Fermi celebrates 10 years of discoveries

June 11, 2018
On June 11, NASA’s Fermi Gamma-ray Space Telescope celebrates a decade of using gamma rays, the highest energy form of light in the universe, to study black holes, neutron stars, and other extreme cosmic objects and events. MPE scientists use data from both instruments on-board Fermi, one of which was built jointly by MPE and other institutes.

This photograph shows the two instruments of the Fermi Gamma-ray Space Telescope a few days before launch. The Gamma-ray Burst Monitor (GBM) is in the lower part of the satellite, 7 of its 14 crystal detectors are visible on the front (wrapped in white). The GBM bus, wrapped in gold-coated foil, is mounted on the spacecraft on top of the Delta2 rocket. On the top, Fermi’s other instrument, the Large Area Telescope (LAT), is visible, wrapped in silver foil.

Fermi's secondary instrument, the Gamma-ray Burst Monitor (GBM), sees all of the sky at any instant, except the portion blocked by Earth. It was designed to detect transient gamma-ray bursts and sending this information immediately to an international network of observing sites for follow-up. The satellite has observed over 2,300 gamma-ray bursts, the most luminous events in the universe. Gamma-ray bursts occur when massive stars collapse or neutron stars merge and drive jets of particles at nearly the speed of light. In those jets, matter travels at different speeds and collides, emitting gamma rays.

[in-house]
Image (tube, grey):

On Aug. 17, 2017, Fermi detected a gamma-ray burst from a powerful explosion in the constellation Hydra. At almost the same time, the Laser Interferometer Gravitational-wave Observatory detected ripples in space-time from the same event, the merger of two neutron stars. This was the first time light and gravitational waves were detected from the same event.

The GBM has also spotted over 5,000 terrestrial gamma-ray flashes in Earth’s atmosphere associated with thunderstorms, as well as hints that those flashes can produce antimatter.

The GBM, which works flawlessly, was built and tested in close collaboration between colleagues in the USA at the University of Alabama in Huntsville and the Marshall Space Flight Center, German industry and the MPE, who is also responsible for the European side of the operation of the detector system and the analysis of the data.

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